AI for Humanity: An Evolution on the Brink of Revolution
By Grégory Renard
I frequently share interesting articles about artificial intelligence and deep learning on LinkedIn for my 20,000 contacts and followers. Knowing that I’m a pretty busy guy, friends ask me how I possibly have time to find and read them and whether I have others lending a hand.
I have neither the time nor any human help. Instead, I use AI to scan 70 million articles each day, resulting in a summary that tells me, “Greg, these ones are really interesting for you.”
At my company, xBrain, which is based in both Silicon Valley and France, we’re providing the same kind of augmentation for call centers. Our Satisfaction.AI system can manage more than 5,000 voice calls in the same time a human customer service agent can handle no more than half a dozen. In one day, our machines can respond to more than 80,000 conversations, more than 2,000 of them in real time.
With AI, we can program machines to help lawyers simultaneously scour tens of thousands of documents for review or help doctors instantly extract data from tens of thousands of patient records. In five to 10 years’ time, a single remote taxi driver might be able to centrally control 10 self-driving taxis at once.
While many might see this influx of AI as a threat to jobs, it is not. We will still have call centers, doctors, and lawyers. But the work of a lawyer a decade from now will not be the same as it is today. A century ago, many people had grueling manual labor jobs in places like mines and textile mills that don’t exist anymore. As we invented more sophisticated manufacturing tools and methods, they were replaced by jobs like machinery operation that required different skills and education. It’s the same today. AI will not destroy the number or availability of jobs; it will create more and new types of them.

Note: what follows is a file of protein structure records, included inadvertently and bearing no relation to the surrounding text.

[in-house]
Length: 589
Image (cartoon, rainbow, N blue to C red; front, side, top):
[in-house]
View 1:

Yes, we will have fewer traditional jobs as we think of them now. But the trade-off will be a new generation of jobs augmented by AI, using new skills that rely on a collective intelligence shared between humans and computers. The bridge between the old and new will be education (and continuing education for the rest of us).
This is our primary challenge — we must not ignore it. Executives, entrepreneurs, government leaders, and other decision makers must understand what the future with AI holds for their industries, and help shape how students and workers are trained to enter it as soon as possible.
In Sapiens: A Brief History of Humankind, Yuval Noah Harari explains our species growth through the faculty of collective intelligence. My ultimate goal is to use data science to augment — not replace — humans, and to create a new collective intelligence. I’ve dubbed it “HIAI”, the Augmented Human era. How can we balance the best of human intelligence and the best of AI?
Even more importantly, we must ensure that AI innovations are accessible to all. Any company or industry can evolve with AI. If access is concentrated in the hands of a few, societal wealth will become far more unbalanced than it already is.
This is a premise that we call AI for Humanity.
In March 2018, French President Emmanuel Macron laid out his vision for France to be a leader in AI innovation and the AI for Humanity movement. As part of the French Tech community, I contributed to the Villani Report, which unveiled France’s national AI strategy. The report examined both AI’s opportunities and its dangers. In the U.S., President Obama’s National Science and Technology Council released a similar report in 2016 on preparing for the future of AI. AI for Humanity likens AI to electricity, and, like electricity, we must take care that everyone in society reaps the benefit.